the equations *R *=
*A
*x *B *x *C *or
*R
*= *A *x *B/C, *or
any other combination of multiplying and dividing *A, B, *and *C, *the
relative uncertainty in *R *is

Many chemical calculations involve a combination of adding and subtracting, and multiply and dividing. As shown in the following example, the propagation of un- certainty is easily calculated by treating each operation separately using equations 4.6
and 4.7 as needed.

Many other mathematical operations are commonly
used in analytical chemistry, including powers, roots, and logarithms. Equations
for the propagation of uncer- tainty for some of these
functions are shown
in Table 4.9.

Given
the complexity
of determining a result’s uncertainty when several mea- surements are involved, it is worth
examining some of the reasons
why such cal- culations are useful. A propagation of uncertainty allows us to estimate an ex- pected
uncertainty for an analysis. Comparing the expected uncertainty to that which is actually obtained
can provide useful information. For example, in de- termining the mass of a penny,
we estimated the uncertainty in measuring mass as
±0.002 g based
on the balance’s tolerance. If we measure
a single penny’s
mass several times and
obtain a standard deviation of ±0.020
g, we would have reason
to believe that our measurement process is out of control.
We would then try to identify and correct the problem.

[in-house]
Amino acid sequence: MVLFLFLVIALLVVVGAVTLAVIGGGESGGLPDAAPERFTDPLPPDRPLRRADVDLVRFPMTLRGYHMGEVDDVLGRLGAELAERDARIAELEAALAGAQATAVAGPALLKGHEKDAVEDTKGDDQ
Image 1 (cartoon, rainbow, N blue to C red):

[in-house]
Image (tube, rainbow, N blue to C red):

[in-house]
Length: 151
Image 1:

A propagation of uncertainty also
helps in deciding how to improve
the un- certainty in an analysis. In Example 4.7,
for instance, we calculated the
concen- tration of an analyte, obtaining a value of 126 ppm with an absolute uncertainty of ±2 ppm and a relative
uncertainty of 1.6%.
How might we improve the analy- sis so that the absolute uncertainty is only ±1 ppm (a relative uncertainty of 0.8%)? Looking
back on the calculation, we find that the relative
uncertainty is determined by the relative
uncertainty in the measured signal
(corrected for the reagent blank)

Of these two terms, the sensitivity’s uncertainty dominates the
total uncertainty. Measuring the signal more carefully will not improve the
overall uncertainty of the analysis. On the other hand, the desired improvement
in uncertainty can be achieved if the sensitivity’s absolute uncertainty can be
decreased to ±0.0015 ppm–1.

As a final
example, a propagation of uncertainty can be used to decide
which of several procedures provides the smallest overall uncertainty.
Preparing a solu- tion by diluting a stock solution
can be done using several
different combina- tions of volumetric glassware. For instance, we can dilute
a solution by a factor
of 10 using a 10-mL
pipet and a 100-mL volumetric flask, or by using a 25-mL
pipet and a 250-mL volumetric
flask. The same dilution also can be accom- plished in two steps
using a 50-mL
pipet and a 100-mL volumetric flask for the first dilution, and a 10-mL
pipet and a 50-mL volumetric flask for the second di- lution.
The overall uncertainty, of course, depends on the uncertainty of the glassware used
in the dilutions. As shown in the following example, we can
use the tolerance values for volumetric glassware to determine the optimum dilution strategy.